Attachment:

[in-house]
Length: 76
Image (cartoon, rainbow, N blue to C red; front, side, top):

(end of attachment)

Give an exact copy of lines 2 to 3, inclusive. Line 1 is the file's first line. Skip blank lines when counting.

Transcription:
Length: 76
Image (cartoon, rainbow, N blue to C red; front, side, top):